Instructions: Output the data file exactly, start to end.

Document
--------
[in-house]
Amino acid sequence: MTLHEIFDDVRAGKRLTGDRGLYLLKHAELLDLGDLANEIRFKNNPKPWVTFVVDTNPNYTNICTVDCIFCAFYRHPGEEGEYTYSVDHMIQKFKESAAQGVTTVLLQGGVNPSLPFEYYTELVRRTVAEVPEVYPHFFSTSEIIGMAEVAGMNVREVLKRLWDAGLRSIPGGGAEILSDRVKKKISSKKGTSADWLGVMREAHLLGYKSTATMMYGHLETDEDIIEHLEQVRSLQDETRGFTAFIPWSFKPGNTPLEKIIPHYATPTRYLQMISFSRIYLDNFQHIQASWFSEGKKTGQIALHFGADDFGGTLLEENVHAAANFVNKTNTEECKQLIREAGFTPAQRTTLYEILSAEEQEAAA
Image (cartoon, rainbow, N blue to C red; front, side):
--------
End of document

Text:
[in-house]
Amino acid sequence: MTLHEIFDDVRAGKRLTGDRGLYLLKHAELLDLGDLANEIRFKNNPKPWVTFVVDTNPNYTNICTVDCIFCAFYRHPGEEGEYTYSVDHMIQKFKESAAQGVTTVLLQGGVNPSLPFEYYTELVRRTVAEVPEVYPHFFSTSEIIGMAEVAGMNVREVLKRLWDAGLRSIPGGGAEILSDRVKKKISSKKGTSADWLGVMREAHLLGYKSTATMMYGHLETDEDIIEHLEQVRSLQDETRGFTAFIPWSFKPGNTPLEKIIPHYATPTRYLQMISFSRIYLDNFQHIQASWFSEGKKTGQIALHFGADDFGGTLLEENVHAAANFVNKTNTEECKQLIREAGFTPAQRTTLYEILSAEEQEAAA
Image (cartoon, rainbow, N blue to C red; front, side):